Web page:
Here is the Sunday Times review of two new books on Islam and science. One of the authors, Ehsan Masood is a colleague of my husband's on Radio 4's Home Planet and the book is the tie-in to Ehsan's new BBC series. The books explore the golden age of Islamic science, in which, among other things, the astrolabe (depicted above) was invented. They note, in the words of the reviewer that
'just about everything that the western world knew of the celestial sphere in the 16th century had come to it via the Arabs, who translated and refined Ptolemy's works between the 9th and the 13th centuries. And they didn't just read Ptolemy; they added to and challenged him, with data gathered at observatories such as the one established in the 820s in Baghdad by the greatest of the “scientific” rulers, al-Mamun of the Abbasid caliphate'.The reviewer goes on to note,
'One can't read these two lucid accounts without becoming acutely aware of the contrast between the former Islamic supremacy in science and its parlous state today. This contrast brings to mind the “Needham question”, which the English biochemist Joseph Needham posed in the parallel case of ancient China's technological and scientific superiority. Why is the West, not the East, now at the heart of science?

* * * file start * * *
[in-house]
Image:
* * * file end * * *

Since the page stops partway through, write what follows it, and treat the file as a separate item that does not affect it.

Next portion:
The answer is complex, but must partly lie in the more doctrinaire Ottoman theocracy that eventually succeeded the Abbasids at the end of the 13th century. The Ottoman sultans frowned on printing and forbade clocks because the muezzins were the keepers of sacred time. As Lyons shows, the irony is that the Arabs were once leaders in both astronomical and technological time-keeping, precisely because of the importance of prayer times.In any event, by the mid-19th century the tables had turned. Instead of westerners marvelling at eastern learning, it was Ottoman ambassadors to Europe who were reporting back on western technological wonders to a country that had few roads and no trains or telephones. Many worried, too, that an acceptance of the western approach to science would mean abandoning Islamic principles. The result is that there have been only two Nobel laureates from Islamic countries, and, as Masood says, the scientific performance today of the members of the Organisation of the Islamic Conference - many of them wealthy oil states - “is not far off that of some of the poorest countries of the world”.